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Elementary Education Master's Degree Ranked No. 9. Who is in the 30 top master's programs in education? If you're looking to earn a master's and licensure in teaching PK-6, Virginia Tech may be your destination. The School offers a MAT in Elementary Education that leads to licensure in a little as 12 months. With an National Council for Teacher Quality ranking of #138 and student to faculty ratio of 14:1. The cost per credit is reasonable, and falls in the middle for our 30 programs, at $1394. All in all, Virginia Tech's MAT belongs in our top 10. Congratulations to the Mary Alice Barksdale and Donna Fogelsong on the Elementary Education's No. 9 ranking! Here is the full article.

Congratulations Carol Mullen on the book publication and the interview! Book: Creativity and Education in China: Paradox and Possibilities for an Era of Accountability (Amazon link). Published with Kappa Delta Pi, Creativity and Education in China takes readers on a journey through research-supported ideas and practical examples of creative and innovative schooling within a changing regime. Analyzing the consequences of exam-centric accountability on the creative and critical capacities of Chinese students, author Carol A. Mullen's dynamic portrait of a country serves as both a cautionary tale and an inspiring example to emulate. Examining creative endeavors and breakthroughs within a competitive, globalized educational landscape, the chapters are organized around environmental and global issues impacting education, expressions of creativity within pre-K–12 schools in China, and creative innovation in higher education learning environments. Presenting captivating cases from the field, the book offers novel approaches to fostering creativity as a natural, integrated part of high-stakes education systems in Eastern and Western cultures alike. Interview: On Creativity in China (Education News). Here is the full article.

Congratulations Kris Tilley-Lubbs on the book publication! Book: Re-Assembly Required: Critical Autoethnography and Spiritual Discovery (Amazon link). From an editorial review on Amazon: Re-Assembly Required: Critical Autoethnography and Spiritual Discovery is a gem of a book for those interested in understanding the interface between the personal and political. Gresilda A. Tilley-Lubbs makes a unique and spirited contribution to our understanding of the complexity and richness of 'doing' critical autoethnography. It is a courageous book pursued with rigor and passion throughout. Possibly the single most important dimension of the book is the appeal to affect, that is, the emotional dimensions of knowledge production including trauma, anxiety, doubt, healing, and love. Above all, the book names the injustices of institutional and social arrangements including class, race, and gender and how they constitute power, knowledge, and subjectivity in an increasingly commodified university sector. Tilley-Lubbs shows us how to engage, confront and reconstruct our worlds through a rare combination of intellect, narrative, and moral purpose.---Barry Down, Murdoch University, Australia. Here is the full article.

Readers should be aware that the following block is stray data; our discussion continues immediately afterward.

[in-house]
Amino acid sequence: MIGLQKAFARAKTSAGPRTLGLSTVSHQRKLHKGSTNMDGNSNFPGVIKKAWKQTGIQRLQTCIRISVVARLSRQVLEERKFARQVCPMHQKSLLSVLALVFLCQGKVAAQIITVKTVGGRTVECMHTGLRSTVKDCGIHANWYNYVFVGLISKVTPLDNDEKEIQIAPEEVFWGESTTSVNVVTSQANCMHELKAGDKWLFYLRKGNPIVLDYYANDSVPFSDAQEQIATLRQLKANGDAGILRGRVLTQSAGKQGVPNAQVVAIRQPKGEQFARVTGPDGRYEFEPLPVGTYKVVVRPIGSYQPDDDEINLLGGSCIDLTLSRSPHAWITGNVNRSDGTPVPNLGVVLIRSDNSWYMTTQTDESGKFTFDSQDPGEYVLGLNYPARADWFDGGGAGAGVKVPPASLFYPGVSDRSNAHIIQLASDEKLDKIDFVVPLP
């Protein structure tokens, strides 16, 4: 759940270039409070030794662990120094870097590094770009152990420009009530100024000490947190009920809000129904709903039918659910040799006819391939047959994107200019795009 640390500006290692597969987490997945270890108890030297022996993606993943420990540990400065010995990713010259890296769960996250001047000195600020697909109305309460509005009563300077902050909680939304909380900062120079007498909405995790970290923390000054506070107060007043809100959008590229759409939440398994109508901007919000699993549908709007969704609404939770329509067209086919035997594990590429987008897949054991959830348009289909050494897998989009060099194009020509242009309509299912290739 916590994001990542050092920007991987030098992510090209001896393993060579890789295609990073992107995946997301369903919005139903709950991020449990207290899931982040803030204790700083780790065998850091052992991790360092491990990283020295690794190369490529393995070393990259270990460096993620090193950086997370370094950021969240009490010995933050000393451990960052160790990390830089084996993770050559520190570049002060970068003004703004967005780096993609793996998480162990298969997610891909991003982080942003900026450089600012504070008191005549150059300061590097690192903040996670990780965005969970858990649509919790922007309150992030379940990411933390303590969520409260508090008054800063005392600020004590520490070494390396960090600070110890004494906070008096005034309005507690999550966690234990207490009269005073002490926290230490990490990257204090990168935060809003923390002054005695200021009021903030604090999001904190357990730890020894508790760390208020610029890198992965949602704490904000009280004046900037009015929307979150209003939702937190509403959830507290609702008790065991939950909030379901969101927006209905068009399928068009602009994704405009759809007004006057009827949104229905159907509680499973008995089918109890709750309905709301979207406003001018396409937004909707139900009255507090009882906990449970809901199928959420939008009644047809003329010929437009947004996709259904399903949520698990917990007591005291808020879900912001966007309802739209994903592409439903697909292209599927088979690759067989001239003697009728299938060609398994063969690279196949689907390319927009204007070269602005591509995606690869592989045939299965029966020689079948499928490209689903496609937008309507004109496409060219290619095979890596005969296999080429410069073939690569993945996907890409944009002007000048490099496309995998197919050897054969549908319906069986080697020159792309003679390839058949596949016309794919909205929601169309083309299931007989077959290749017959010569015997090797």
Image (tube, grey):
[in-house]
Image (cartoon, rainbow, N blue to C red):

Carol Mullen, School of Education, received the 2017 Living Legend Award from the National Council of Professors of Education Administration, the country's premier national organization for educational leaders. The award recognizes significant contributions to the field, including exemplary ethics, professionalism in service, and dedication to research and teaching. Mullen has authored or edited 21 scholarly books and 225 refereed journal articles and book chapters. In 2016 she also was recognized with the Jay D. Scribner Mentoring Award from the University Council for Education Administration and earlier this year she received the 2017 Distinguished Faculty Achievement Award for Service from the Learning and Teaching in Educational Leadership Special Interest Group of the American Educational Research Association.

David Hicks, School of Education, co-edited Teaching Difficult History through Film (New York: Routledge, 2017), with Jeremy Stoddard and Alan Marcus. Hicks's own contributions to the book are: "Using Film to Teach Difficult Histories," pp. 3-16, with Stoddard and Marcus, and "Difficult History Means Difficult Questions: Using Film to Reveal the Perspective of 'The Other' in Difficult History Topics," pp. 17-36, with Ben Walsh and Stephanie van Hover.

Faculty members Jennifer Bondy, School of Education, and Anthony Peguero, Sociology, published "The Children of Immigrants' Academic Self-Efficacy: The Significance of Gender, Race, Ethnicity, and Segmented Assimilation," Education and Urban Society 49.5 (2017): 486-517, with Brent Johnson.

The Counselor Education program (Laura Welfare, Gerard Lawson, Laura Farmer, Matt Mullen Carrie Sanders, Nancy Bodenhorn) just received accreditation of their program until 2023. As we all know, accreditation is a challenging and time consuming process, as well as an indicator of the program's excellence. Congratulations to the Counselor Education on their accreditation!

Vicki Martin, was nominated for the statewide Governor's Award in the career achievement award category. Congratulations on the nomination! Read more

Gabriel R. Serna, Higher Education Assistant Professor was recently provided expertise to an online article on personal finance website addressing 2017 Most and Least Educated Cities in America. Congratulations on your recognition as an expert in your field! Read more

Gerard Lawson, associate professor in the Counselor Education program, assumes Role as 66th President of the American Counseling Association. Read more


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